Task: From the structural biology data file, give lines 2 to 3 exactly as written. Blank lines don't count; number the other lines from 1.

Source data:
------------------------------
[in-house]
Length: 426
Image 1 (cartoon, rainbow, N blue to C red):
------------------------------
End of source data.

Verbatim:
Length: 426
Image 1 (cartoon, rainbow, N blue to C red):